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KDE Releases Accountability Scores

KDE Releases Accountability Scores

FCPS Outperforms State Averages, Shows Progress in Key Areas

According to results released Tuesday in Kentucky’s accountability system, Fayette County Public Schools (FCPS) continued to outperform state averages at the elementary and middle school levels and posted a reduction in the number of schools identified for federal and state support. The Kentucky Department of Education (KDE) published ratings for schools and districts based on student scores on the Kentucky Summative Assessment and other measures of student success. FCPS scored green overall at the elementary level and yellow at the middle and high school levels.

Of the 55 schools eligible for scores this year, FCPS had:

  • 11 schools receive blue ratings
  • 12 schools receive green ratings
  • 15 schools receive yellow ratings
  • 14 schools receive orange ratings
  • 3 schools receive red ratings

“Although we cannot compare the color ratings assigned from year to year, we are pleased to have more schools earning yellow, green, and blue ratings and fewer schools in the red and orange levels,” said Superintendent Demetrus Liggins. According to accountability scores, the majority of schools scored very high, high, or medium.

Also noteworthy, Liggins said, are increases in the percentage of students meeting or surpassing state benchmarks in both reading and math at the elementary school level. Performance is up not only across the board but also among historically marginalized groups, including Black and Hispanic students, English language learners, and those receiving special education services.

"These gains for our younger students are building their foundation for continued success,” Liggins said. “It is a testament to the hard work and dedication of our educators, students, families, and community partners.”

Liggins acknowledged that accountability scores are one way for the community to gauge how successfully schools are serving students, and to identify growth or highlight areas for improvement.

“Data is an important tool that helps us measure progress and evaluate the challenges that our students and schools may be facing, but it is important to remember that standardized tests are just one way to measure student success,” Liggins said. “Our students are complex individuals with unique talents and skills whose potential cannot be fully measured on a multiple-choice exam. Equally significant are the efforts of our dedicated teachers and staff, whose extensive contributions in supporting students often go beyond what a single test can capture.”

Schools in Kentucky are also evaluated against federal classification designed to not only look at school performance but also to determine whether they are meeting the diverse needs of individual students based on race, family income, English language proficiency, and identification for special education. The performance of every group of students must be above the cut scores set by the state.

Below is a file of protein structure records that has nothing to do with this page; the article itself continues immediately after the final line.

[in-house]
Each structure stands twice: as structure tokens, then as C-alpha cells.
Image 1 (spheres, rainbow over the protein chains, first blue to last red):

In Fayette County, 21 schools were identified for Targeted Support and Intervention – also known as TSI – because the scores for individual groups of students were below the state requirements. At nine schools, that designation represents a single student classification. TSI designations decreased from 34 schools identified last year, which is a 40 percent reduction. Among marked improvements, the data showed:

  • 10 schools no longer have TSI designations for African-American
  • students.
  • 2 schools no longer have TSI designations for English Learners.
  • 3 schools no longer have TSI designations for Economically Disadvantaged students.
  • 7 schools no longer have TSI designations for Students with Disabilities.

Fayette County had one school, Bryan Station Middle, designated for “Comprehensive Support and Intervention” or CSI because they have been previously identified as “Additional Targeted Support and Intervention” for three years.

“Our students are more than a score, and these results do not illustrate the important work that is being done in our classrooms each day, nor do they highlight the individual and unique strengths and talents of our students,” Liggins said.

He highlighted new supports implemented last year yielding positive impacts overall, including strategic improvement plans and instructional coaching provided for any school designated as red or orange last fall. “District support teams have been intentional, implementing a Multi-Tiered System of Support (MTSS) at each school and providing additional resources so teachers can drill down to an individual level based on student data,” Liggins said.

District teams will collaborate with instructional leaders in each of the CSI and TSI schools to rewrite their Comprehensive School Improvement Plan (CSIP) and ensure they are intentionally supporting students who have not yet reached proficiency.

"As we reflect on these encouraging results, let us remember that they are just one measure of our students’ growth and success,” Liggins said. “We will continue to work tirelessly to nurture the unique and limitless potential within each of our students regardless of their race, ZIP code, home language, or family income.”

Superintendent Liggins addresses the media from a podium at the warehouse